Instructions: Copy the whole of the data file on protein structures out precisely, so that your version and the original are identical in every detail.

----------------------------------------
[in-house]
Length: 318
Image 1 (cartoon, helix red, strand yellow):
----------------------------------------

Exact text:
[in-house]
Length: 318
Image 1 (cartoon, helix red, strand yellow):